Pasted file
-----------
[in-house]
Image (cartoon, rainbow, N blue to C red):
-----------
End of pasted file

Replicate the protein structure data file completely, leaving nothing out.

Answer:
[in-house]
Image (cartoon, rainbow, N blue to C red):